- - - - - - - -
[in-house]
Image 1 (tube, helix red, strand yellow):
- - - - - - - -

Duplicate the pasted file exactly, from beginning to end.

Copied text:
[in-house]
Image 1 (tube, helix red, strand yellow):